A rabid bat was found in Angle Lake Park in SeaTac near the lakeshore by the old lifeguard shack on Tuesday afternoon.
A visitor who found the bat immediately notified a city of SeaTac employee who contacted Regional Animal Services of King County (RASKC), according to a media release from Public Health – Seattle and King County.
The bat appeared sick and was humanely euthanized at RASKC. The bat tested positive for rabies at the Washington State Public Health Laboratory on Wednesday.
“Anyone who touched or had contact with the bat or its saliva could be at risk of getting rabies, which is almost always fatal once symptoms begin,” Dr. Jeff Duchin, chief of communicable disease for Public Health – Seattle and King County, said in the release. ”Fortunately, rabies can be prevented if treatment is given before symptoms appear, so identifying anyone who has had contact early is important.”
Anyone who had any contact with a bat at Angle Lake Park on Aug. 28 or 29, should call Public Health immediately at 206-296-4774 to get information about preventative treatment. Contact includes touching a bat, being bitten, scratched, or any other bare skin contact with a bat or its saliva.
Rabies and pets
Pets might have been exposed as well. If your pet might have been exposed, contact your veterinarian immediately. Dogs, cats and ferrets should be current on their rabies vaccine but will need to be revaccinated if they had contact with a bat.
More about rabies
Rabies is dangerous, but treatable if caught early:
•If someone has had contact with the bat, treatment can prevent infection. This treatment should be given as soon as possible.
•Once symptoms develop, rabies cannot be treated and leads to death in virtually all cases.
Rabies is a viral disease of the central nervous system that is almost always fatal once symptoms begin. The virus is found in the saliva of an animal with rabies and is usually transmitted by a bite or scratch. In Washington State, between 3-10 percent of bats tested for rabies are positive, though the bats that are tested are usually sick or injured; less than 1 percent of healthy bats are infected with rabies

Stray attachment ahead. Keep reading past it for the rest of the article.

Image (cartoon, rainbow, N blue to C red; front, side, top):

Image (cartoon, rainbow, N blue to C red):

Because rabies is a life threatening disease, medical advice must be sought promptly if a bat comes into contact with humans or animals.
More about bats
Bats flying overhead, and bats that have not had direct contact with humans or animals, do not pose a risk for transmitting rabies. Healthy bats will avoid people, so be suspicious of a bat you find inside your home or on the ground.
If you find a bat:
• If you find a bat inside your house, call Public Health at 206-296-4774 to discuss the situation and to determine whether the bat needs to be tested for rabies. Public Health tests bats for rabies free of charge under certain circumstances.
• If the bat is alive, do not let it go. Knock it to the floor with a broom or other object, and cover it with a wastebasket or other container. Scoop it into a box or plastic storage container with a secure lid without touching it or wear heavy leather gloves to pick it up and put it in the box.
• Use a shovel or gloves to put a dead bat in a box for testing. Do not throw it away.
For more information about bats and rabies, and how to safely avoid bats, visit kingcounty.gov/bats.